Frank Dunphy: Damien Hirst Manager’s Art Collection Sells For Millions At Sotheby’s

Sotheby’s, London, have sold the collection of Damien Hirst’s business manager, mentor and ‘partner in crime’, Frank Dunphy for a total of £10,088,125 million, surpassing its pre-sale estimate (£5.2-7.3 million), with a sell-through rate of 92% and participants from 43 countries. Comprising over 200 works in total, the live auction saw 108 lots come under the hammer; a further 98 lots feature in a dedicated online auction. This is a textbook example of being an enthusiastic collector with the right contacts at the right time…Yes timing is everything.

“It’s been an exciting but very emotional time particularly when viewing the whole collection hung in one place – Frank and Lorna Dunphy

Oliver Barker, Chairman of Sotheby’s Europe, who worked with the Dunphys on both the landmark ‘Pharmacy’ and ‘Beautiful Inside My Head Forever’ sales in 2004 and 2008 respectively, said: “It was an absolute joy to see Frank and Lorna’s world so enthusiastically received today. Their energy and warmth, and the fantastic story of their lives at the heart of the iconoclastic 1990s art scene clearly speaks to a big community of fans, among whom I of course count myself. Having been lucky enough to enjoy their company and an amazing collaborative friendship over these last 15 years or so, it was a real thrill to see that special Dunphy magic at work today, just as it was before in these same rooms.”

Frank Dunphy Collection
Frank Dunphy Collection Andy-Warhol Dollar-Sign £730,000

Frank and Lorna’s joint company, Yellow Ball, takes its name from the first night they met, when Frank potted the yellow ball during a game of snooker. One of the highlights of the sale was Damien Hirst’s Smashing Yellow Ball at Peace Painting, a fitting present from the artist to the Dunphys on the occasion of their retirement. No fewer than eight bidders drove the final sale price to £298,000 (est. £100,000-150,000).

The sale opened with a flurry of bids for Damien Hirst’s 1997 spot painting, N-Chloroacetyl-L-Phenylalanine (PFS) Crystalline, which sold to an Asian private collector for £358,000, triple its pre-sale estimate (£100,000-150,000). Boys ‘n’ Girls ‘n’ the Sun (2006), a butterfly work in three parts, achieved £574,000), while Epiphany (2005), a large circular work with butterflies, reached £490,000 (est. £280,000-350,000).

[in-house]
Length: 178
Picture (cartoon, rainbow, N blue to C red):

The top lot of the sale was Lucio Fontana’s Concetto Spaziale, Attese (1961), an emblematic tagli (cut) piece by the Italian artist, which was competed for by six bidders to sell for £1,174,000 (est. £600,000-800,000). A further highlight was Andy Warhol’s Dollar Sign (1982), which realised £730,000 (est. £200,000-300,000), following activity from seven bidders. Measuring just over 25 by 20cm, this work was originally gifted by Warhol to his great friend David Whitney, the collector, critic and gallerist. Two works by Takashi Murakami sold over estimate. His Rainbow Flower – 7 O’Clock sold for £137,000 (est. £40,000-60,000) and Flower of Joy – Yellow made £106,250 (est. £40,000-60,000).

The Dunphys became a fixture among the YBAs, advising a wide range of artists including Tracey Emin and Angus Fairhurst. After seeing competition from three bidders, Emin’s My Heart is With You And I Love You Always Always Always, a neon work created in 2006, sold for £131,250 (est. £40,000-60,000). A Gorilla sculpture by Angus Fairhurst, A couple of differences between thinking and feeling (2000) set a new auction record by the artist, selling at £27,500 (est. £8,000-12,000).

Yellow Ball was replete with works that testify to the enduring partnership of Frank Dunphy and Damien Hirst, and all but one of the lots by Hirst found a buyer:

A pill cabinet, PSST (1997), given to Frank when he was ill, sold to an Asian private collector for £131,250 (est. £60,000-80,000)
Bust of Frank (2008), a 70th birthday present made for Frank’s party at Home House in London, made £47,500 (est. £25,000-35,000)
The spin painting Beautiful, all round, lovely day… (1998), made with Frank and Lorna’s help in the artist’s Lambeth studio, sold for £310,000 (est. £150,000-200,000).
A spot painting from 2008, Lauryl Acetate, included in the 2012 Tate retrospective, fetched £370,000 (est. £100,000-150,000).

Top Photo: Courtesy Sotheby’s

Frank Dunphy The Incredible Life of Damien Hirst’s Manager, Mentor and ‘Partner in Crime’ Watch Video

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